Cracking the Boy Code: How to Understand and Talk with Boys

Adam J. Cox. New Society, $18.99 trade paper (176p) ISBN 978-0-86571-876-0
Therapist and author Cox (On Purpose Before Twenty) fails to live up to his title’s promise with this unexceptional self-help guide, in which common-sense nostrums are presented in an occasionally patronizing fashion. While constantly referencing his years of practice and the speeches he’s delivered across the globe, Cox tends to treat boys as a monolithic, sulky, nonverbal group who just need parents to watch their speaking tone, respect their sons’ privacy, and take them seriously. His solutions—including providing boys with purposeful work, talking while playing catch to cultivating authentic experiences, reducing eye contact, and therapy—may work in some circumstances, but Cox is unconvincing in presenting his conclusions as universally applicable. Nor is there much discussion of how boys’ reactions to the world can be a matter of youth rather than gender (and could thus equally apply to girls and nonbinary children). With little analysis of the roles that socialization and the standard narratives of masculinity play in determining the attitudes and actions of young men, frustrated parents may be left feeling less than hopeful after reading a book that implies boys’ behavior is a predetermined outcome only exacerbated by uninformed elders. There may be helpful insights sprinkled throughout, but the book’s boilerplate approach renders it fairly indistinguishable from other titles in a crowded field. (May)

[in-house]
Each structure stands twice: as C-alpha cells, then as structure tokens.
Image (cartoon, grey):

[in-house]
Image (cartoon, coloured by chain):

Reviewed on: 05/14/2018
Release date: 05/01/2018
Genre: Nonfiction
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